I am broadly interested in population and community ecology and statistical ecology and biogeography. My field research employs insect communities and insect-host plant systems to answer basic questions about the population dynamics of pest insects and the structure of insect communities. I am keenly interested in the causes of insect outbreaks. My work in this area has involved field and greenhouse experimental manipulations of plant phenology, plant nutritional quality, and insect predators, parasites, and competitors on both forest trees and agricultural crops. My work on the ecology of insect communities also involves field experiments on forest trees and agricultural crops. This work reflects my interest in determining the effects of predation, parasitism, competition, and the physical structure of plant canopies on insect community structure. I am also interested in the host specificity and host plant preferences of herbivorous insects as potential clues to predicting future pest problems.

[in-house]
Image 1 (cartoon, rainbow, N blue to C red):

My interests in statistical ecology and biogeography lie in developing probabilistic statistical procedures for the analysis of biogeographic data, in developing a framework for rigorous hypothesis testing and statistical inference using both experimental and non-experimental evidence in ecology, and in designing sampling programs to monitor temporal changes in populations and communities.
I am also interested in the origin of plant galls and in the potential to improve avian population and community monitoring by busing digital recording, and digital signal processing techniques.
I involve students, both undergraduate and graduate, in all facets of my research because I believe that involvement in research is the best vehicle for teaching science, and because I value and enjoy most that research I conduct that serves to educate and train students.